FRC to address ‘failing audit market’ with competitiveness measures

The Financial Reporting Council (FRC) has unveiled plans to stimulate competition and resilience in the UK audit market, with a view to remedying the “high concentration” of power among the Big Four firms.

In a policy paper published on December 1, the regulator calls on the government to push forward with its impending overhaul of the UK’s audit regime, stressing the need for a market that “consistently delivers high quality audit and is resilient”.

“The FRC has set out a high-level policy overview of what we think about competition in the market and the powers we think legislation should give us,” said Mark Babington, executive director of regulatory standards at the FRC.

“It’s intended to encourage discussions with our stakeholders so that they can provide us with their views on creating an audit market that works for everyone.”

The FRC’s policy paper also suggests that competition and choice in the audit market has “recently tailed off”, arguing that UK businesses are increasingly struggling to identify firms willing to bid for their audit work.

It points out that, while FRC measures such as operational separation and the recently published draft standard for audit committees have taken steps towards addressing these market constraints, “legislation is needed to make a significant difference”.

‘Get on’ with audit reform

This view is shared by Gavin Hayes, head of public policy and external relations at the Chartered Institute for Internal Auditors (Chartered IIA), who argued that the government must “get on and publish the draft audit reform bill”.

“Without legislation these will just remain plans. It has now been almost five years since the collapse of Carillion and despite countless reviews, papers and consultations we are still without a bill to make any of this happen.”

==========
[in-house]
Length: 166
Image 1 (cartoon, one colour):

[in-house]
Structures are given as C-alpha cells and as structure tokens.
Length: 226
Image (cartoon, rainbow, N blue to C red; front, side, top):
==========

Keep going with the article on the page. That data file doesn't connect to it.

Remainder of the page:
Hayes also praised the FRC’s policy paper and its plans to increase competition and resilience in the audit market, calling this “an important aspect of audit reform”.

An overhaul of the UK’s audit and corporate governance framework has been in the pipeline since March 2021, when BEIS published its 200-page consultation paper – Restoring Trust In Audit and Corporate Governance.

The report’s key proposals include the creation of ARGA (a new regulator with stronger powers), an expansion of the definition of public interest entities, a revamped internal controls framework, and the introduction of a ‘managed shared audit’ system to replace joint audits.

Competition policy proposals

In March 2022, the government published its long-awaited response to the consultation. It contained a series of seven measures designed to equip ARGA with the requisite powers to stimulate competition in the audit market.

The measures are:

  1. An operational objective for competition
  2. Concurrent competition powers with the Competition and Markets Authority
  3. Powers to monitor competition and wider developments in the audit market
  4. Powers to introduce minimum requirements for Audit Committees
  5. Powers to implement managed shared audit for UK registered FTSE 350 companies
  6. Powers relating to operational separation of audit and non-audit practices in the largest audit firms
  7. Powers to monitor the health of audit firms.

According to the FRC, its newly published plan “underpins” these measures.

“It is important to consider how all these measures interact as a package and combine to drive good competition outcomes,” the report said.

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